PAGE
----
November 7, 2011 by staff
Spurred by reports aired in the past week about parents turning to Facebook to procure items said to be infected with chickenpox, U.S. Attorney Jerry Martin hopes to make it clear that trafficking in infectious diseases is illegal — as well as unsafe.
“If you are engaged in this type of behavior, you’re not only potentially exposing innocent people to dangerous viruses and illnesses and diseases, you’re also exposing yourself potentially to federal criminal prosecution,” Martin told The Associated Press.
According to Martin, it is a federal crime to send diseases or viruses across state lines, whether through the U.S. Postal Service or private services like FedEx or UPS. The same laws that prohibit, say, the mailing the of anthrax also apply to infectious diseases: Offenders, if convicted, could face up to 20 years in prison.
The hubbub comes in the wake of the growing popularity of so-called chickenpox parties, organized by parents in order to expose their children to chickenpox and thereby strengthen their immune systems. As WSMV-TV in Nashville reported Thursday, parents without entree to such events are increasingly turning to internet dealers purporting to sell lollipops, among other items, infected with the chickenpox virus.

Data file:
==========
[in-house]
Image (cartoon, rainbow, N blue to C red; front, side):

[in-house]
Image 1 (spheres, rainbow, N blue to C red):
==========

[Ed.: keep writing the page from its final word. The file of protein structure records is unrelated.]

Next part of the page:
One such dealer is Wendy Werkit of Nashville, who on Facebook offered, WSMV-TV says, a “fresh batch of pox in Nashville shipping of suckers, spit and Q-tips available tomorrow 50 dollars via PayPal.” Werkit says the money was used to cover the shipping costs of the lollipops that had been licked by her children. “They can’t get (chickenpox) the normal way anymore of just naturally catching and just naturally getting the immunity for life,” Werkit said. Martin finds the prospect repulsive: “Can you imagine getting a package in the mail from this complete stranger that you know from Facebook because you joined a group, and say here, drink this purported spit from some other kid?” Legal and safety issues aside, some pediatricians wonder whether mailed lollipops make for effective incubators. “If there’s a very high load on the virus and shipped very quickly, it’s theoretically possible,” Isaac Thomsen, a specialist in pediatric infectious diseases at Vanderbilt Children’s Hospital, told the AP. “But it’s probably not an effective way to transmit it. It typically has to be inhaled.”
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